Silence Breakers, the elbow to the right.
Vox media did an article about the Silence breakers, and they talked about the elbow to the right.
Time magazine named The Silence breakers Person of the Year for 2017. These are the women (and men) who shared their stories of assault, harassment, and hostility, and publicly named their alleged abusers in Hollywood, the media, and politics. But if you look closer, there's something else on the cover. A hint, that there are many more that don't, or can't break that silence.
When it comes to harassment, a US (I cannot imagine India's statistics) government report found that when men and women were sexually harassed at work, the least common response was to formally report it, only 30 per cent of people did, that means that for every three that reported, another seven remained silent.
Another study cited in that EEOC report, found that of the people who reported harassment at work, seventy five per cent faced some sort of retaliation for doing so, which explains why so few people report their harassment, fear. In fact, fear is the number one reason people don't report. Fear of retaliation for speaking out, and this is why the silence breakers are a big deal.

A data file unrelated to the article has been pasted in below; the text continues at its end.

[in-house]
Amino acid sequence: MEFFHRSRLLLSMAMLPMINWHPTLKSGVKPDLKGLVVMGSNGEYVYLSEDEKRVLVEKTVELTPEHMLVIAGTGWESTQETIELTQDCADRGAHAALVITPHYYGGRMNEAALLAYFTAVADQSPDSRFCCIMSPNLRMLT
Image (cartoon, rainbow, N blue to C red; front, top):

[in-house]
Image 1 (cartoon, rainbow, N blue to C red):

2017 certainly felt like a year in which many, many more people are speaking up in spite of that fear, but there's just so much more we don't know, even the statistics, by their own admission, over represent the experiences of straight white women, and probably don't accurately reflect the experiences of women of color, men, lesbians, gays or transgender people.
Which is to say that, the stories of the few Silence breakers that have come forward, are really just the tip of the elbow for all the people remaining silent.